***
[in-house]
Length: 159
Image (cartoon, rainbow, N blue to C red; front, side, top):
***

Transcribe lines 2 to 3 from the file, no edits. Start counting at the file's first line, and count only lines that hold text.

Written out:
Length: 159
Image (cartoon, rainbow, N blue to C red; front, side, top):